© 2015 European Society For Evolutionary Biology. Males and females differ in their phenotypic optima for many traits, and as the majority of genes are expressed in both sexes, some alleles can be beneficial to one sex but harmful to the other (intralocus sexual conflict; ISC). ISC theory has recently been extended to intrasexual dimorphisms, where certain alleles may have opposite effects on the fitness of males of different morphs that employ alternative reproductive tactics (intralocus tactical conflict; ITC). Here, we use a half-sib breeding design to investigate the genetic basis for ISC and ITC in the dung beetle Onthophagus taurus. We found positive heritabilities and intersexual genetic correlations for almost all traits investigated. Next, we calculated the intrasexual genetic correlation between males of different morphs for horn length, a sexually selected trait, and compared it to intrasexual correlations for naturally selected traits in both sexes. Intrasexual genetic correlations did not differ significantly between the sexes or between naturally and sexually selected traits, failing to support the hypothesis that horns present a reduction of intrasexual genetic correlations due to ITC. We discuss the implications for the idea of developmental reprogramming between male morphs and emphasize the importance of genetic correlations as constraints for the evolution of dimorphisms.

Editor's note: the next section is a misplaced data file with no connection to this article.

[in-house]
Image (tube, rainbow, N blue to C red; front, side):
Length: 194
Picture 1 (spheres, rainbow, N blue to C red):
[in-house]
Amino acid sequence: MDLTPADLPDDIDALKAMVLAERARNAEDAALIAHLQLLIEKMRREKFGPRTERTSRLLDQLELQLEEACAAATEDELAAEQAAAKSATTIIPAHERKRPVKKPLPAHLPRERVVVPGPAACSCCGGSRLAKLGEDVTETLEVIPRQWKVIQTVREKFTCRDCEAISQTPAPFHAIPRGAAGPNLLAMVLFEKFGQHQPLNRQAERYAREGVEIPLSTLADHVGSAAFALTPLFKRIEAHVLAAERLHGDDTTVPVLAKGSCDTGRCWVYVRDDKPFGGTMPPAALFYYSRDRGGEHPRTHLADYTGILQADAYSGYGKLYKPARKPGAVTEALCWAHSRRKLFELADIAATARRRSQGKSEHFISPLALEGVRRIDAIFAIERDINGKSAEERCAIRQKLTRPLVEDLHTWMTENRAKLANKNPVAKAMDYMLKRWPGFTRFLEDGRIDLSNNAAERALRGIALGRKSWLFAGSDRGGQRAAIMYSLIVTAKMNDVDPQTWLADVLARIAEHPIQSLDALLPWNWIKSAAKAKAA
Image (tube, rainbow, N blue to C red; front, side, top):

Data from: Intralocus tactical conflict: genetic correlations between fighters and sneakers of the dung beetle Onthophagus taurus